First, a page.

Modified Lignin and Delignification with a CAD-Deficient Loblolly Pine
MacKay J., Presnell T., Jameel H., Taneda H., O'Malley D., Sederoff R.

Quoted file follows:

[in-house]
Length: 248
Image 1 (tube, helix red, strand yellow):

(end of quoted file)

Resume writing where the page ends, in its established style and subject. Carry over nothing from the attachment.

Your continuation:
Lignin composition and lignin removal were investigated in loblolly pines (Pinus taeda L.) deficient in the monolignol biosynthesis enzyme, cinnamyl alcohol dehydrogenase (CAD). The CAD-deficient pines were homozygous for the cad-n1 allele, a mutant form of the gene encoding CAD. We show that lignin from CAD-deficient seedlings is more easily removed by mild alkali at room temperature. The nature of the phenolics recovered from this treatment link the increased lignin solubility to a build up of aromatic aldehyde lignin subunits. We carried out a retrospective genetic analysis to identify a 12 year-old CAD-deficient tree from which we isolated Milled Wood Lignin (MWL) and obtained wood chips for pulping studies. The UV absorption spectra of MWL and the effect of sodium borohydride reduction of MWL showed that the CAD-deficient tree had substantially higher incorporation of aldehyde subunits. The CAD-deficient wood was delignified more extensively than the wild type in soda pulping but not in kraft conditions. More extensive lignin removal, both in mild alkali treatment and in soda pulping, indicate that suppression of CAD in softwood trees may hold promise to produce woods well suited for "milder" pulping conditions that consume less chemicals and generate less waste.